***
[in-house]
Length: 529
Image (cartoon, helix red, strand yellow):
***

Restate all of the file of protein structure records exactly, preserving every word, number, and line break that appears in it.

[in-house]
Length: 529
Image (cartoon, helix red, strand yellow):